She’s also a main vector for this “Irma Vep” and its more mischievous side. Assayas follows a narrative pipeline that travels from behind-the-scenes context to original 1915-16 footage to 2022 update. It’s often a prelude to an undercut, with Assayas presenting an idealized version of this classic story before gleefully bursting the illusion. Even when “Irma Vep” isn’t focusing on the incremental absurdities that happen while René is trying to wrangle order from slow-moving chaos, Assayas finds a pace to the off-camera conversations that playfully flow from one scene to the next, with some pitch-perfect buttons along the way.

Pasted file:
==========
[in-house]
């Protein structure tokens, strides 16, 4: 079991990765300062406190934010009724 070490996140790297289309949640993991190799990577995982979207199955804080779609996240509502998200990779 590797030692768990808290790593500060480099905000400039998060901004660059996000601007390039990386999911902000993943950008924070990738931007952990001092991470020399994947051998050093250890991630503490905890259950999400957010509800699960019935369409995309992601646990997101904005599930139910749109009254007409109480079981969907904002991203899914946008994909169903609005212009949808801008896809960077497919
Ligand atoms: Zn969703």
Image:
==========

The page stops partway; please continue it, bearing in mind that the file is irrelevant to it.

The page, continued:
Part of that ease and rhythm comes from Assayas working with a main cast peppered with prior collaborators. Macaigne and Nora Hamzawi (as “Les Vampires” 1st AD Carla) follow up their “Non-Fiction” appearances with a pair of roles that occupy every shade between despair and savviness. The characters may be pitched differently (and one may get a greater share of attention), but they do work in tandem over the course of the series. And amidst a bevy of would-be scene-stealers, Lars Eidinger is the hurricane that sweeps through them all. As the hedonistic and often-crass Gottfried, he vapes and provokes his way through trailers and post-wrap living room soirees with a magnetic ease. Seeing him flip the on switch in his “Les Vampires” scenes is all you need to understand how the same poisoned charm can make a performer like Gottfried simultaneously enticing, off-putting, and the only man for the job.